Startup Spotlight: UAE-Based Healthcare Fintech Klaim Focuses On Maintaining The Human Touch As It Continues To Expand Across The GCC By eradicating working capital woes for medical providers, Klaim works towards creating a more seamless healthcare ecosystem.
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When Karim Dakki and Ahmad Ghafour launched Abu Dhabi-based fintech startup Klaim in December 2019, there was one clear goal the duo had set out to achieve: solve delayed and/or rejected insurance claim payments for medical providers in the UAE. "The birth of the company was formed over a casual meeting among friends who shared a common entrepreneurial passion and personal interest in the medical sector," Dakki, who is also Klaim's CEO, recalls. "After learning that healthcare providers are suffering from insurance claims due to the complicated claim filing process, rejections, and payment delays, a revolutionary concept was born. The emergence of the concept and transformation of the healthcare system by presenting a solution to a problem faced by healthcare providers resulted from the exchange of various ideas and perspectives."
Klaim's business model involves a multi-step process. First, healthcare providers must create an account with Klaim, following which the entity's financial performance is vetted- this is done using Klaim's tech-driven platform, which assesses and buys low-risk claims (have a high chance of being paid by the insurer), and rejects claims that offer high risk. Following this, the medical provider then signs a contract with Klaim, which makes them eligible to receive medical claim payments in cash within seven days. "So far we are focusing on healthcare finance, especially business-to-business," Dakki explains. "We would like to streamline medical billing from A-to-Z and for revenue cycle management activities that encompass three pillars. One is technology automation for claims management and revenue cycle activities. Second is the capital services for accelerating claims payments through purchases of receivable purchases. And then the third revenue model is reliability-centered maintenance services. By bundling the three of them, we come up with a new way of doing revenue cycle management that we've called revenue cycle management 2.0, where healthcare facilities transform their medicare and claim process into a cash process that is instant and hassle-free.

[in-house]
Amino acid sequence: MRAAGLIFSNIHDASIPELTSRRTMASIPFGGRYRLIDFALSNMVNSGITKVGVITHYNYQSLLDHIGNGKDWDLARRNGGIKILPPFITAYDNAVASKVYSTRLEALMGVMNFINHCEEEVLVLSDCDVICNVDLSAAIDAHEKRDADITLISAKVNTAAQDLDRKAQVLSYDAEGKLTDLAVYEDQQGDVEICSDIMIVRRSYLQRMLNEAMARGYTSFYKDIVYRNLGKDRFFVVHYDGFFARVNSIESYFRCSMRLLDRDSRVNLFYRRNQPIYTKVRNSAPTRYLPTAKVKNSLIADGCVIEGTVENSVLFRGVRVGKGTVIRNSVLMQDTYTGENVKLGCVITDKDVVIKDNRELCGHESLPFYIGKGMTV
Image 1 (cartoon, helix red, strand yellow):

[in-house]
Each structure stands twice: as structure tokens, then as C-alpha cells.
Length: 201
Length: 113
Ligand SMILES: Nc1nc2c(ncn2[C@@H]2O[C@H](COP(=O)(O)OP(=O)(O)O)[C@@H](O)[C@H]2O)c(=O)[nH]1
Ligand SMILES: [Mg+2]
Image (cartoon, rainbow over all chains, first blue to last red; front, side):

By eradicating working capital woes for medical providers, Klaim thus works towards creating a more seamless healthcare ecosystem. And the startup's numbers thus far speak for the efficiency of its business model- since its inception in 2019, Klaim has already managed claims worth over AED700 million and supported more than 100 medical entities across the UAE and Saudi Arabia. "It's a very unique DNA that matches between financial services, giving us an edge when it comes to being at the crossroads of healthcare finance," Dakki adds. "One of our unique selling propositions is the brand and the trust that we built in the difficult industry to penetrate, which allows healthcare facilities to trust us for sharing with us their finances, which is not something that they are open to doing easily with others."
But despite constantly keeping an eye out evolving tech and innovation that could be integrated into the Klaim model, Dakki says that it is the human factor that really makes its offering stand out. "We focus a lot on bringing a new way of doing things, not only in terms of technology, but also processes that can allow us to disrupt an industry that is very conservative and very resistant to change; namely, human connection with the customer base," he says. "And so, while we use technology for back-end operations, we make sure that the link with the customer stays there all the time with the account manager, just constantly visiting the customers, and being close to them."
With six subsidiaries across Abu Dhabi, Dubai, Saudi, and Oman, Klaim is now in its pre-series A stage. In November 2022, the startup had announced that it had raised US$5 million in a seed investment round led by Dubai-headquartered venture capital and private equity firm Knuru Capital. "We've raised so far between debt and equity by more than $14 million," Dakki says. "We are currently at $2 million of annualized revenue with a very high margin, and a team of around 50 people that are geographically spread."
Dakki adds here that his startup being a part of the MBRIF program has been a major catalyst in it being able to set up valuable connections with the UAE government- a step that is absolutely crucial for a startup looking to create a ripple effect of change across the healthcare payment system. "It's a prestigious program that we wanted to be a part of to prepare for our Series A, and establish specific relationships with the governments," Dakki says. "And having access to such government resources is definitely helping a startup like us to tackle the challenges of the healthcare industry and support the healthcare ecosystem as a whole."
Indeed, the Klaim team's efforts have certainly been in alignment with the UAE government's vision- a feat that Dakki believes will also hold his firm in good stead moving into 2023. "I think that our system could have only been done in a place where healthcare digitalization is advanced, which is the case in the UAE, and it has been spearheaded by the UAE government," he notes. "So, we are a value-add service on central government platforms, and we would not have been able to exist if these things hadn't been done initially by the government. So, I think that's a big plus. We are proud to be in an ecosystem where startups and founders are valued."